Susan Gilbert
April 27, 2015

Branded Logos that Work

A logo sends a message and it says far more about your business than you might realize.

It’s more than some pretty colors and fonts.

Perhaps you are creating your first logo and don’t know where to start?

Or, maybe you are ready for a design makeover to improve your business branding.

Either way, a logo for your business is one the most important elements of your company’s design. Not only will this be consistently representing you on your website and social media accounts, but will also become a memorable icon for your audience and customers.

After getting focused on your target market the design process can be narrowed down. For example, if your business sells health products you might want to include colors that include green, blue and white like these examples:




Choosing the right colors for your niche will improve your business’s chances of being seen online. In fact, there is an entire psychology behind color schemes, like in this diagram from an article on Creative Bloq:


Once you narrow the focus on the colors of your logo, the look of your business design is much easier to achieve. Here are two factors to consider that will save you time and money on your graphics budget:

●      Define your business mission – This might be an easy task to accomplish, but this process just might surprise you as your business hones in on an exact target of what you want to portray to the public eye. Depending on your market you may want a more serious image rather than a playful one. Technology companies can move in either direction, while a law firm may want a more sophisticated look. The goal is to be unique and memorable while staying true to your mission statement.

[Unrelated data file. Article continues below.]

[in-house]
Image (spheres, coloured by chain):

●      Typeface matters – It is amazing how a simple font can make all the difference in the style and look of a business logo. This might take a process of elimination, but is well worth investing the time. The end result could be just a basic look, like these logos from American Airlines and American Eagle:

There are basically several basic styles to choose from when searching for a font, as outlined by Shannon Whealy of Turnaround Design:

1.     Serif fonts have a line at the end of each stroke. Traditional and professional.

2.     Sans serif fonts don’t have that line at the end of each stroke. Crisp and modern.

3.     Script fonts (and italics) are generally formal and decorative. Sophisticated and feminine.

4.     Handwriting fonts tend to be casual and personal. Friendly and approachable.

5.     Display fonts are widely varied in design and style. These can be great choices for text-only logos as they can be so unique.

While creating a branded logo for your business is not an absolute, your website and social media should properly represent what your company is about and be consistent with what you want to represent to the public. Decide to stick with the final product rather than changing every two years or so. Think of your logo as a permanent branded image that people will instantly recognize online and offline. On rare occasions a business will decide to update their branding, but this should be done with caution as it directly affects your persona.

Your business does not have to break the budget these days in order to develop a professional, high-quality logo. If you have a team, gather together and hash out some ideas to start with, or take a look at logos from your competition for more inspiration.  Just make sure you took the first and necessary step of understanding who your target market is and create something that calls to them.

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Online Marketing with Focus - Let Susan Guide you to Online Success. Especially loves to help Authors, Speakers, Coaches & Entrepreneurs. Susan Gilbert uses her laser focus knowledge to coach and provide online marketing and social sharing programs. Author and publisher of several books including “The Land of I Can,” and “KLOUT SCORE: Social Media Influence,” Susan combines online marketing with strategic thinking. Follow her Digital Marketing Tips at her blog:
Filed Under: Tagged With: Branding, Business and Change, logos